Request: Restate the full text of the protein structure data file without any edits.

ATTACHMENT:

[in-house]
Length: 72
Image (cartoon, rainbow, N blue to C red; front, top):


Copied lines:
[in-house]
Length: 72
Image (cartoon, rainbow, N blue to C red; front, top):